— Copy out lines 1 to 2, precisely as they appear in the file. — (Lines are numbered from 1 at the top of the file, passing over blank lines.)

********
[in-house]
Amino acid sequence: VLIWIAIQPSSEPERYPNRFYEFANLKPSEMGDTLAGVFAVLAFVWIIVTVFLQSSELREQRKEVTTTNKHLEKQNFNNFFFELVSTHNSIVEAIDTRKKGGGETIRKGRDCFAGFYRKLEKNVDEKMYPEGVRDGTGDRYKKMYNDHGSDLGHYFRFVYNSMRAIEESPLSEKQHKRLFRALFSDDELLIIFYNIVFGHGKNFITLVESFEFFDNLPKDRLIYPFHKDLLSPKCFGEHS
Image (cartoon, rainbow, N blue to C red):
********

[in-house]
Amino acid sequence: VLIWIAIQPSSEPERYPNRFYEFANLKPSEMGDTLAGVFAVLAFVWIIVTVFLQSSELREQRKEVTTTNKHLEKQNFNNFFFELVSTHNSIVEAIDTRKKGGGETIRKGRDCFAGFYRKLEKNVDEKMYPEGVRDGTGDRYKKMYNDHGSDLGHYFRFVYNSMRAIEESPLSEKQHKRLFRALFSDDELLIIFYNIVFGHGKNFITLVESFEFFDNLPKDRLIYPFHKDLLSPKCFGEHS